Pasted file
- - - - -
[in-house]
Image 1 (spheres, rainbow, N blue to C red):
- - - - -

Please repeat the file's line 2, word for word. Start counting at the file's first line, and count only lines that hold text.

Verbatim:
Image 1 (spheres, rainbow, N blue to C red):